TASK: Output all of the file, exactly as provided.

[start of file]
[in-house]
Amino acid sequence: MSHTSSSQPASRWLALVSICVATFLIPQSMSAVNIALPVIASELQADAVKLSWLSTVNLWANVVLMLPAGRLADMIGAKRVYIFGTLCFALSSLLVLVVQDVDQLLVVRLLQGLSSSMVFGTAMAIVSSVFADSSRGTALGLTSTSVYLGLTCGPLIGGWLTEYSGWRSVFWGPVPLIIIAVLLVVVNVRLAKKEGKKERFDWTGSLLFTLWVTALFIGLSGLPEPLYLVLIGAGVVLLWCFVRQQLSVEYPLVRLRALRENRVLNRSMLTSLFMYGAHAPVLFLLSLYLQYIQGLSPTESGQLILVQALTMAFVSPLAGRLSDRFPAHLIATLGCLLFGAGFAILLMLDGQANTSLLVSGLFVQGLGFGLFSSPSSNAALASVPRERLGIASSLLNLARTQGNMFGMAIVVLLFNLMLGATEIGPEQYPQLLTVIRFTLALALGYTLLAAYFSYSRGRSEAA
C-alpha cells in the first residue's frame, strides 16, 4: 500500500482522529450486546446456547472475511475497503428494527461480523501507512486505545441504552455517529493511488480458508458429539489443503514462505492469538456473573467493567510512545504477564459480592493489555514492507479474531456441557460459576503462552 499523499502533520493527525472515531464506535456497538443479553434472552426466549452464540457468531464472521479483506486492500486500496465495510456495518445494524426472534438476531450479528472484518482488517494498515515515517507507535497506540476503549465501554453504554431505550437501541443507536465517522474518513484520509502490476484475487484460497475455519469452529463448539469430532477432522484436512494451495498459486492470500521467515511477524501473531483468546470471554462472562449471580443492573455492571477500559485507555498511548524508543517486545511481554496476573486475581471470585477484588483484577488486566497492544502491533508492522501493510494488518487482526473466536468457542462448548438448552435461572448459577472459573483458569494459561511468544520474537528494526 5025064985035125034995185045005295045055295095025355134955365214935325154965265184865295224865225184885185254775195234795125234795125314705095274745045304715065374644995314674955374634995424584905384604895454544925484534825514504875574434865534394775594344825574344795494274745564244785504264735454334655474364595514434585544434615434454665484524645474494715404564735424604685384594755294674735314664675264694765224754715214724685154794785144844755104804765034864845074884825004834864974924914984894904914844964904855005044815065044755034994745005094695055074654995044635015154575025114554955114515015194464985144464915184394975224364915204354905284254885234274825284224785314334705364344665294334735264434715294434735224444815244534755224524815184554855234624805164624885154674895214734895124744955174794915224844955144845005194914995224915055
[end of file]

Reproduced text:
[in-house]
Amino acid sequence: MSHTSSSQPASRWLALVSICVATFLIPQSMSAVNIALPVIASELQADAVKLSWLSTVNLWANVVLMLPAGRLADMIGAKRVYIFGTLCFALSSLLVLVVQDVDQLLVVRLLQGLSSSMVFGTAMAIVSSVFADSSRGTALGLTSTSVYLGLTCGPLIGGWLTEYSGWRSVFWGPVPLIIIAVLLVVVNVRLAKKEGKKERFDWTGSLLFTLWVTALFIGLSGLPEPLYLVLIGAGVVLLWCFVRQQLSVEYPLVRLRALRENRVLNRSMLTSLFMYGAHAPVLFLLSLYLQYIQGLSPTESGQLILVQALTMAFVSPLAGRLSDRFPAHLIATLGCLLFGAGFAILLMLDGQANTSLLVSGLFVQGLGFGLFSSPSSNAALASVPRERLGIASSLLNLARTQGNMFGMAIVVLLFNLMLGATEIGPEQYPQLLTVIRFTLALALGYTLLAAYFSYSRGRSEAA
C-alpha cells in the first residue's frame, strides 16, 4: 500500500482522529450486546446456547472475511475497503428494527461480523501507512486505545441504552455517529493511488480458508458429539489443503514462505492469538456473573467493567510512545504477564459480592493489555514492507479474531456441557460459576503462552 499523499502533520493527525472515531464506535456497538443479553434472552426466549452464540457468531464472521479483506486492500486500496465495510456495518445494524426472534438476531450479528472484518482488517494498515515515517507507535497506540476503549465501554453504554431505550437501541443507536465517522474518513484520509502490476484475487484460497475455519469452529463448539469430532477432522484436512494451495498459486492470500521467515511477524501473531483468546470471554462472562449471580443492573455492571477500559485507555498511548524508543517486545511481554496476573486475581471470585477484588483484577488486566497492544502491533508492522501493510494488518487482526473466536468457542462448548438448552435461572448459577472459573483458569494459561511468544520474537528494526 5025064985035125034995185045005295045055295095025355134955365214935325154965265184865295224865225184885185254775195234795125234795125314705095274745045304715065374644995314674955374634995424584905384604895454544925484534825514504875574434865534394775594344825574344795494274745564244785504264735454334655474364595514434585544434615434454665484524645474494715404564735424604685384594755294674735314664675264694765224754715214724685154794785144844755104804765034864845074884825004834864974924914984894904914844964904855005044815065044755034994745005094695055074654995044635015154575025114554955114515015194464985144464915184394975224364915204354905284254885234274825284224785314334705364344665294334735264434715294434735224444815244534755224524815184554855234624805164624885154674895214734895124744955174794915224844955144845005194914995224915055